Wednesday, June 13, 2007

Favorite-ism

"Bring your favorite bottle of wine, and on Wednesdays there's no corkage fee!" "A bar where you can enjoy your favorite cocktail!" "Take advantage of our 'accent wall' plan and get one wall of your apartment painted your favorite color!"

OK now. My favorite bottle of wine may not go with the cuisine offered by a no-corkage-Wednesdays place that advertises on the radio. Hell, my favorite bottle of wine is probably one I can't afford. My favorite cocktail? I dunno, maybe the Cable Car, a variation on the sidecar offered at select Las Vegas Strip establishments? It's not offered at the bar I'm inventing for the sake of argument here, so I guess I'm not welcome. And my favorite color is a hunter or emerald green of some sort, but that's not necessarily the color I'd paint my "accent wall" if I rented a place at the complex I'm inventing for the sake of argument here, so I guess I'm not allowed to opt for my second- or third-favorite color.

Yes, my point is that "favorite" is an ad-speak cliche best avoided in actual writing. What, you think I'm being overly literal? Well, bite me.

But don't actually bite me.

3 comments:

Blork said...

THANK YOU! As someone who writes marketing copy for a living, I am particularly offended by badly-written marketing copy. It's not unusual for some big shot to draft some copy and to pass it down to me for "spell checking." Then I have to rewrite the whole thing while finding a reason to justify my doing so (the obvious reason doesn't seem justifiable to them).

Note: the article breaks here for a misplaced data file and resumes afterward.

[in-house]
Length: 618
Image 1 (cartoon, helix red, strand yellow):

Regarding "your favorite bottle of wine," one could dissect even further. It's not just, as you say, that your "favorite bottle" of wine might not be appropriate for that evening, or it might be something that you can't even afford; that statement almost implies it is one, singular bottle of wine (as opposed to a bottle of your favorite wine).

Personally, my favorite bottle of wine was a bottle of Burgundy that a winemaker gave me after I visited his winery near Beaune, France. I carried that bottle around with me for about three weeks. Then, on the last night of my two month European project, I met up with friends and colleagues in Paris and they took me to a small but very nice restaurant in Montmartre. We popped open the bottle there, drank it with our meal. It felt like rose petals on my tongue.

That was my favorite bottle of wine. I drank it 14 years ago.

Beerzie said...

This post is why you are my favorite copy editor.

JD said...

Your favourite bottle of wine may well be one you can't afford, or one that you have drunk already, but if you were to take it to that restaurant on a Wednesday there would be no corkage fee. So the copy is, technically, accurate.

What I'm wondering is: if you bring a bottle of wine that isn't your favourite, do you then have to pay corkage? And what sort of tests does the restaurant run to determine whether the bottle of wine you've brought is indeed your favourite, or just something you've grabbed from the rack?

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